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Fall 1998
The Man Who Knows Too Much
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Pulitzer Prize-winning human mulitprocesor Jared Diamond has a lot on his mind

By Catherine Seipp '78

No matter how much you think you know — or how much you may in fact know — odds are that Jared Diamond knows much, much more. The UCLA School of Medicine professor of physiology's breadth and depth of knowledge is enough to humble any reasonably intelligent person. Diamond is, by most any definition, a genius. The MacArthur Foundation gave him one of its genius awards in 1985. He has also won a Pulitzer (for Guns, Germs and Steel: The Fates of Human Societies), the Coues Award (from the American Ornithologists Union) and an honorary doctorate from Sejong University in Korea (for contributions to the greater understanding of the Korean alphabet).

Diamond has dazzled colleagues and students with his expertise in wide-ranging fields of knowledge for decades; recently he's begun to dazzle the world at large as well. Like Stephen Hawking, Carl Sagan and Richard Feynman, Diamond is that rare scientist who can speak to laymen - and be understood. Diamond's columns in the science magazines Discover, Nature and Natural History have brought his original thinking to a wider audience, and his books - The Third Chimpanzee; Guns, Germs, and Steel; and Why Is Sex Fun? - are allowing him to reach even further. Guns, Germs, and Steel, in fact, sold some 25,000 copies the week it was awarded the Pulitzer.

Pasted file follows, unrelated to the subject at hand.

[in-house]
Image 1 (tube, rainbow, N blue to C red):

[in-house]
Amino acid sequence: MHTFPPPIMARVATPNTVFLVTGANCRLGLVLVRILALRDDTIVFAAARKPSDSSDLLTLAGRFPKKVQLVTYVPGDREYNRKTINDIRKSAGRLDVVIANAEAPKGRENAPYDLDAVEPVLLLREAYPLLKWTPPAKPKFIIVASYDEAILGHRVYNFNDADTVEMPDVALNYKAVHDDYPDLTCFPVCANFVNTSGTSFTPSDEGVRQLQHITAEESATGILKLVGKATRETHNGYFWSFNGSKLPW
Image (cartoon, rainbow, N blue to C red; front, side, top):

"It's been doing very well, hovering on and off the best-seller lists," Diamond says, adding dryly, "I have to be very grateful because this is not a book about near-death experiences."

Though scientific literacy among the public at large remains lamentably low, it is the scientific community's own tunnel vision that seems most worrisome to Diamond these days. "Most scientists cannot understand other areas of science," he observes, "and most write in such a way that scientists in other fields can't understand them." He grabs a copy of Science magazine off his desk.

"Here is the publication of the American Association for the Advancement of Science. Somewhere in here it says that the main goal is to enhance the public's understanding of science. And yet, almost all of the articles cannot be understood even by a scientist outside the field; they're just written so technically."


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